Bulgaria's Eurovision Woes - Why Care?
The victory of Roma chalga singer Sofi Marinova at Bulgaria's Eurovision finals earlier this year unleashed a cannonade of vulgar expletives and racist comments. Doomsayers gladly declared Bulgaria dead.
Sofi's failure to reach the finals at the 57th Eurovision, in Baku, Azerbaijan triggered a new tidal wave of vulgar expletives and racist comments. Doomsayers gladly declared Bulgaria guilty, humiliated and disgraced.
That initial wave has receded, leaving however a multitude of unexpected comparisons and pressing questions in its wake.
For starters, I suggest that we cut the moaning. Sofi showed once again that she has a great voice, positive personality, confidence and a natural, I would even say cool, attitude – this really matters a lot. While many singers were clearly off key, Sofi was not. True, the song was mediocre, badly chosen, hurting your ears at times and concealing the true qualities of her voice. The costume was abominable, while the decision to leave her performing alone on the stage – insane.
But I can't help pointing out that some of this criticism applies to winner Loreen too, although on a much more sophisticated level. Still drawing parallels between Bulgaria's and Sweden's songs - as many Bulgarians felt tempted to do – is comparing incomparables or, to put it not that mildly, absurdly far-fetched.
Sweden won because they have figured out the "formula" it takes to win the Eurovision. That doesn't mean that the song was amazingly good - even though it was good - it just means that the Swedes did the job that they had been working so hard to get to.
The Swedes are infatuated with Eurovision, not least because it is a boon to the music industry of their country, which is the world's third largest music exporter after the US and the UK.
But do we, Bulgarians, have to care so much about a contest that, even in the eyes of its admirers, is of dubious musical merit?
Beside being a frothy, kitsch and cheesy spectacle to many, Eurovision has long been a forum for geopolitical battles. It is ironic that this year Europe's most beloved singing contest was held in Azerbaijan, ruled by an autocratic government, which cracks down on any dissent. It is tragic that there was no word by other contestants on the state of the nation they are performing in.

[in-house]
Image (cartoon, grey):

Truth is, Eurovision would have disappeared long time ago if it was just a song contest. It has survived because it is a competition of nations.
But we, Bulgarians, are a bizarre nation.
John Kennedy O'Connor, author of "The Eurovision Song Contest: The Official History", claims nobody wants to put up their hand and say, 'Actually that was a rotten song, and it was horribly performed.' They'd all rather say, 'Everybody hates us'.
Well, nobody, except Bulgaria. Here everybody says that was a rotten song, and it was horribly performed. Here hardly anyone says 'Everybody hates us'.
We are afraid to admit and candidly approach out paranoid fear of not living up to foreigners' expectations. We are afraid to admit that Sofi's unsophisticated but catchy music soundtracks the lives of many Bulgarians.
Next time Bulgarians - from the public through to the organizers - should do their best to treat the contest as a fun spectacle at least if not as a bit of a joke.
If Bulgaria manages to overcome its inferiority complex and understand that for it Eurovision does not carry higher stakes than its sequins, it will be relieved and free to experiment with more radical styles and ideas. Why not Azis? Or why not hire a couple of Swedish song writers and have them write the song for us?
Until then Sofi and Loreen will have one and the same problem to rack their brains over. They both should pray and work so that their songs do not follow in the footsteps of many other Eurovision acts and slide into obscurity after the applauses in Baku have died down.
The Eurovision song contest is something one should enter for the mere pleasure of being entertained by some of the worst things Europe has to offer. View it as an unintentionally ironic event, laugh at the blatant political voting. Only then can it be enjoyed.
To be fair - I haven't watched it for a long while. Because it is utter crap. But as a tribute to Europe at its most camp I can see why it appeals. Embrace it for what it is, or take my stance and ignore it. It won't go away.
Sofi's song wasn't so bad and it IS supposed to be a SONG contest, not a "look how many dancers/backing musicians/special effects we can cram onto the stage" contest.
It's true that her costume was terrible - although not as bad as those on "Seven Hours Difference" - but overall her performance was good and being alone on stage meant that the viewers could concentrate on her and the music.
Thank God she didn't win, though - why should Bulgaria waste money on such a stupid show when there are so many better causes crying out for funding?